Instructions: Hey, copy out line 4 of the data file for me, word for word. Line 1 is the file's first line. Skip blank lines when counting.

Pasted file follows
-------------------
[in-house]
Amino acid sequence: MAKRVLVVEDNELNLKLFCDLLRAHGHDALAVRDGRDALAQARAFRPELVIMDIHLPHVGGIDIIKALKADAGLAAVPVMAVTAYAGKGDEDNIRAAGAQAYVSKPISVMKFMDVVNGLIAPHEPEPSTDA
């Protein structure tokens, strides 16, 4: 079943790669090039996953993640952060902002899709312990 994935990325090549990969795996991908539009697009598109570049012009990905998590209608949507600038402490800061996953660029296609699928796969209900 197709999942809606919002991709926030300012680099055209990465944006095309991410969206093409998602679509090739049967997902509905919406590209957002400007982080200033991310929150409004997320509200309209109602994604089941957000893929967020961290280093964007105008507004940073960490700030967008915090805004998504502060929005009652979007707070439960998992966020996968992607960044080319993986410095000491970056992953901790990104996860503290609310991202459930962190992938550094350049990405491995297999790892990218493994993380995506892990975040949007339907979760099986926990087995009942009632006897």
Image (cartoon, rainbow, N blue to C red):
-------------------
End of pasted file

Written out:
Image (cartoon, rainbow, N blue to C red):